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el2995 Baltimore - A travel report by USC
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Baltimore,  United States - flag United States -  Maryland
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el2995's travel reports

Greater Baltimore Area

  11 votes
Page: 1 2 3

Baltimore (pronounced Ball-mer by the locals) in and of itself is an interesting city to visit, with lots of history and a myriad of things to see like Fort McHenry, the Maryland Science Center, the Baltimore Aquarium, the Inner Harbor area, the Railroad Museum, the world-renowned Johns Hopkins Medical Center and a variety of intriguing old cemeteries and brick and brownstone buildings (including the longest continuous stretch of row homes in the country along Wilkensen Avenue.) But there are some other interesting places just outside the 695 Baltimore Beltway.

Favourite spots:
Just a short drive southwest of the Beltway on Route 40 is the Patapsco River State Park, which offers wooded picnic areas and a scenic hiking trail down to the river, especially during fall when the maple trees are ablaze with color. The colors of the sugar maples are a bit more dramatic as you head south to Columbia, which is a modest city with a rural character that has a sizeable and popular shopping mall. A short drive down the (Interstate) 95 takes you to the town of Jessup, which is known more for its large and famous early-morning fish market that its prison. Down near the junction of Hwy 1 and Hwy 32 in the town of Savage is Savage Park, which features a converted mill that houses a variety of antique and craft shops. In the same area is the army’s Fort Mead, which has a small indoor museum and some outdoor static displays of tanks, missiles and artillery. Cantonsville has a rather quaint and somewhat aged downtown, but more intriguing is the rustic Ellicot City nearby.

What's really great:
My favorite diversion is a trip to Glen Burnie (Baltimore Beltway Exit 4A) to Select-Fire, an indoor firing range on Holsum Way that rents submachine guns (HK MP5, Uzi, Thompson, Colt 635 9mm SMG, Swedish Type-K) which will run about $45 for a rental and two or three loaded magazines; they used to have a British Sten (toughest magazines to load) and a Ruger 10/22 converted to select-fire that was both fun and much cheaper to feed back in the days where you’d buy the ammo separately. Note that because of the efficient ventilation system, the range feels like a meat locker in winter. In the way of consumables, I would have to say Utz potato chips, cheese steaks and beer-battered onion rings from Mister G’s on Route 40 (Edmundson Avenue) and crab cakes. I really enjoyed the rare snowstorms and seeing the Maryland Air National Guard A-10 Tank Killers flying training missions near Belair to the north.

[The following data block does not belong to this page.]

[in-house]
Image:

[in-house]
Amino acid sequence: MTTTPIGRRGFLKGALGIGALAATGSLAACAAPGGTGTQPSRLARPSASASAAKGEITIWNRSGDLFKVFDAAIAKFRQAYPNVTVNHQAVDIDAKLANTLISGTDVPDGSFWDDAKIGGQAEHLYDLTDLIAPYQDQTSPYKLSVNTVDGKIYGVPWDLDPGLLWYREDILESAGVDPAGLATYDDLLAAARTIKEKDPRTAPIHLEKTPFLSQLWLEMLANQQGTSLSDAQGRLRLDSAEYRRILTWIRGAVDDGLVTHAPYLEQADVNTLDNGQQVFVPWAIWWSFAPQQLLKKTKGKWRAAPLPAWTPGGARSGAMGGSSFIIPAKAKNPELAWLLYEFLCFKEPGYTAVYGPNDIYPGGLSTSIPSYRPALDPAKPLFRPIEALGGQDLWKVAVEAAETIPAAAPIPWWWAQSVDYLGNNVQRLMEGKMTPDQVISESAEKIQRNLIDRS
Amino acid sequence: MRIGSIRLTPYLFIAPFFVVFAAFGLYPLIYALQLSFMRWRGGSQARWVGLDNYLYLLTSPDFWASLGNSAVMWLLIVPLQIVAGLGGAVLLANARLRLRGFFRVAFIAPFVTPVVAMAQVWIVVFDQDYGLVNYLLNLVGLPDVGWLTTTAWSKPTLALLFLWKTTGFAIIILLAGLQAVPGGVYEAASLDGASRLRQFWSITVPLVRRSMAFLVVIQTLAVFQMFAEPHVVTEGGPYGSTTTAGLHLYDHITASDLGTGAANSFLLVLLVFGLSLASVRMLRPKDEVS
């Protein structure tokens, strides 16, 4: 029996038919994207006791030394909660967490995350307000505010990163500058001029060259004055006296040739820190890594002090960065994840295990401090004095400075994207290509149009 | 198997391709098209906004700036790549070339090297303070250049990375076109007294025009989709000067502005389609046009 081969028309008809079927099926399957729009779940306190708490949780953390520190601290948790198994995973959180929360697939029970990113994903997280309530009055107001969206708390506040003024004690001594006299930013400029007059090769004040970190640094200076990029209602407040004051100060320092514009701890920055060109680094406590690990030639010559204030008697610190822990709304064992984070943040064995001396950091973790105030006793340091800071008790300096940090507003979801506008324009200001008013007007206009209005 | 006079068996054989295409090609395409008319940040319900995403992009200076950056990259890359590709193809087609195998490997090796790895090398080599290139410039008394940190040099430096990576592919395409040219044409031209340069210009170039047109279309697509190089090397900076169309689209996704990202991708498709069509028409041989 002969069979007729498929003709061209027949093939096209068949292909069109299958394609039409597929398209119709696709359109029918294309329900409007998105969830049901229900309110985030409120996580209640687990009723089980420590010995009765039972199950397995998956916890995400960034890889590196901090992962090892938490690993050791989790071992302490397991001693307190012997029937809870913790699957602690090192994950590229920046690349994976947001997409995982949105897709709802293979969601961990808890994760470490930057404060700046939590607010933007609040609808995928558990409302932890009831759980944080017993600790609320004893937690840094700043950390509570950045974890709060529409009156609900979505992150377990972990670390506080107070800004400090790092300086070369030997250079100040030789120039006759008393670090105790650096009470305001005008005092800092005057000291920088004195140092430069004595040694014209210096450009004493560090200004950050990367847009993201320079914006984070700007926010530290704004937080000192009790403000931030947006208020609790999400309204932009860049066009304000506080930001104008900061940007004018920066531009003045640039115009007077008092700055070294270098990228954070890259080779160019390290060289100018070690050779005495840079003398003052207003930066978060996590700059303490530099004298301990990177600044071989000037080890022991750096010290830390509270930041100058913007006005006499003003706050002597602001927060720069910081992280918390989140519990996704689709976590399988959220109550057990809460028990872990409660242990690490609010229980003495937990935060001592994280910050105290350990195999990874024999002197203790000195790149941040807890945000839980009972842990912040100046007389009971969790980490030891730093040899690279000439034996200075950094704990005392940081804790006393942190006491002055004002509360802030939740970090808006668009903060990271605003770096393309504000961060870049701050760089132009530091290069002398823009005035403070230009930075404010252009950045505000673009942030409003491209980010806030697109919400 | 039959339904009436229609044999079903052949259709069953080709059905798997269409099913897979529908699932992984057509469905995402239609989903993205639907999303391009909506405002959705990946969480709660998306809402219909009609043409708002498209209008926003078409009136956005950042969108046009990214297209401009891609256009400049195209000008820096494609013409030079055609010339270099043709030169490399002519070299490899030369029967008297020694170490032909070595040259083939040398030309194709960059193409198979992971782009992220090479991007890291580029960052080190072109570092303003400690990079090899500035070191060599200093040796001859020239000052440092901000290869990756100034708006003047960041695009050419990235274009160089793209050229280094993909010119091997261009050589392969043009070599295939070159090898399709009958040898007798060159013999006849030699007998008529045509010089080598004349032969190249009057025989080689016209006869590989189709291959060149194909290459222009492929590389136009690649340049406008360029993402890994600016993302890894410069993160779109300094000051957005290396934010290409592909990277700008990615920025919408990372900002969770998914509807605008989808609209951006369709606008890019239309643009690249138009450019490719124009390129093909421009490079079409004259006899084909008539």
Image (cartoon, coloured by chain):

Nightlife:
The Block (on Broadway Ave. in downtown Baltimore) is a haven for strip joints, though it transitioned from topless and sometimes bottomless establishments to merely pasties and G-strings before I left the East Coast. The angle played at the clubs was that the dancers would mingle with the gentlemen in the audience between dance sets and try to get them to buy them a twenty-dollar drink, which would theoretically entitle the gentleman purchaser to some…well, shall we just say ‘man-handling’? Of course, I can’t vouch for that. I spent my time at the club talking to a rather plain and over-weight mother of one who was nervous about going on stage topless for the first time out of financial necessity. She told me her life (hard luck) story then took the stage and awkwardly danced in a pink teddy to Bon Jovi’s ‘Cowboy’, doing the inaugural dropping of the top midway through her performance (which seemed to sag from that point on.)

Restaurants:
Windsor Inn in Windsor Mill (not far from Catonsville off of the 695) has the best (bar none) crab cakes in the greater Baltimore area; made from the famous Maryland blue fin crab, they are exceedingly light and fluffy (not hard and oily like the ones you get in Baltimore’s Harbor Place) and melt in your mouth. Windsor Inn also does the traditional crab feast, where a large tray of steamed crabs dusted with Old Bay crab seasoning are dumped before you on the butcher paper-covered table top and you proceed to bludgeon them with little wooden mallets and chow down. Try Mister G’s for a traditional greasy spoon diner.

Published on Friday August 9th, 2002


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